An examination of the right eye was remarkable for inferior scleral injection, a superiorly placed Baerveldt tube shunt (encompassing the superotemporal and superonasal quadrants), 2+ nuclear sclerotic and 1+ posterior subcapsular cataract, and a cup-to-disc ratio of 0.85. The left eye was notable for a superotemporal Ahmed valve, 0.9 cup-to-disc ratio, and macular edema. The patient was administering difluprednate ophthalmic emulsion 0.05% (Durezol, Novartis) in each eye three times a day and oral methotrexate.

Gonioscopy was open to the scleral spur in each eye with a few areas of pinpoint peripheral anterior synechiae inferiorly in the right eye; of note, the tube entered the eye just anterior to the TM in the right eye. VF testing and OCT showed advanced loss in both eyes (Figures 1 and 2).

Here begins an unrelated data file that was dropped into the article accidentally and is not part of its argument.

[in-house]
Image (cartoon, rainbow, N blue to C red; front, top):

Figure 1. Advanced VF loss was observed in the patient’s left (A) and right (B) eyes.

Figure 2. OCT optic nerve head maps and ganglion cell complex thickness maps showed advanced damage to the retinal nerve fiber layer and ganglion cell complex in both eyes.

Figures 1 and 2 courtesy of Mazeyar Saboori, MD

At this time, the patient was started on rituximab by his rheumatologist in an effort to decrease his need for topical steroids. However, the discontinuation of difluprednate ophthalmic emulsion 0.05% and the addition of netarsudil ophthalmic solution 0.02% (Rhopressa, Aerie Pharmaceuticals) failed to decrease his IOP. Given the patient’s visually significant cataract and inadequately controlled severe glaucoma, a decision was made to proceed with further glaucoma surgery combined with cataract extraction. Due to the placement of the Baerveldt tube shunt in both quadrants superiorly, there was no more conjunctival real estate for additional filtering surgeries superiorly.